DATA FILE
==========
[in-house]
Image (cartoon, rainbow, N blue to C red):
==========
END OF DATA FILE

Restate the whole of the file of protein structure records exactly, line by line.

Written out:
[in-house]
Image (cartoon, rainbow, N blue to C red):